Thursday, April 20, 2006

Amazingly dumb hed/proposed cure

OK. Thanks to a spate of examples in the past week, it looks as if we've finally figured out a way to describe and identify a particularly irritating sort of hed that the Missourian is far too fond of. And based on today's alarmingly dumb example, it's time to stop it entirely.

Here's the pattern, from today's 1A CP:

Poetic devotion
Religious writer receives Guggenheim Fellowship for prose, poetry

What we're trying to do (I'm digging through clips for some better examples, but this one will do for now) here is divorce words from their grammatical context. We don't have any idea if this guy's devotions are "poetic" or not in any sense of the term. The hed is using "poetic" as a flag to say the story is about a guy who writes poetry -- as if it can just carry that bit of meaning, without doing the grammatical stuff it actually does in that position, like modify "devotion."

That's the technical issue with the hed discussed below:

Gunmen take over Hamas building

The hed's trying to use "Hamas" to say "This is a story about Hamas," but "Hamas" doesn't care how it's being used. It's going to modify "building" whether we want it to or not. It's trying to cross too many boundaries -- like, from the arse end of a relative clause like "building that has become symbol of Hamas political power" -- to have the desired function.

Which gets us to today's dreadful example:

Pickled players
Brothers conquer dehydration

HAHAHAHAHA! Get it? Of course you don't. See, the story's about these two tennis players who combat dehydration and electrolyte loss by drinking pickle brine. But "pickle" can't move all that distance and still carry the meaning "who drink pickle brine." What it does is modify the noun, and there's a painfully good chance it does so in one of the ways prescribed by the OED:

1842 S. LOVER Handy Andy xxv, The poor pickled electors were driven back to their inn in dudgeon. 1865 Republican Banner (Nashville, Tennessee) 12 Oct. 3/2 The ‘caboose’ is neatly packed with ‘pickled’ offenders of municipal law. 1900 G. ADE More Fables 171 ‘It may be that I was a mite Polluted,’ he suggested. ‘You were a teeny bit Pickled about Two..,’ said Mr. Byrd. 1919 P. G. WODEHOUSE Damsel in Distress xx. 236 On that occasion a most rummy and extraordinary thing happened. I got pickled to the eyebrows. 1959 P. MOYES Dead Men don't Ski vii. 86 He gets the most extraordinary ideas sometimes, and he's pretty pickled, anyhow. 1994 New Yorker 19 Sept. 12/1 Within..staggering distance of both the White Horse Tavern..and St. Vincent's, the hospital in which he ended his pickled days.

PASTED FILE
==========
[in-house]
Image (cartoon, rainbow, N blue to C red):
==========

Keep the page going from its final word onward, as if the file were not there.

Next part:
We might have been trying to say "players who drink pickle brine." But readers don't know what we were trying to say. All they know is what we said:

Drunk players!

Usually when we close our eyes and pretend grammar has just gone away, the result is sort of irritating, but not really harmful. Sometimes it's misleading. And in cases like this, it's plainly and simply clueless. Let's never do this again, to which end I propose a ban on any hed that tries to use a word as a grammar-free flag.


Blogger aparker54 said...

Isn't tossing in the plural "devotions" a bit unfair? And what's wrong with a little transference, at least in the first case?

4:12 PM, April 20, 2006  
Blogger fev said...

Hey, tnx for checking in. End-of-term nonsense has prevented timelier replies.

A little transference isn't the problem. The problem is that transference comes and goes, but grammar is with us always. Assuming that readers will get the implied meaning while ignoring the plain meaning is a bad bet.

"Unfair," of course, is my middle name. That's what the 'e' stands for.

12:26 PM, April 21, 2006  
Blogger aparker54 said...

Doubtless I'm not understanding what's going on here. After all, I haven't read the first story. But can't the main headline be taken as saying, and without much of a stretch, that the subject's devotion to God takes a poetic turn? Too fluffy?

1:35 PM, April 21, 2006  

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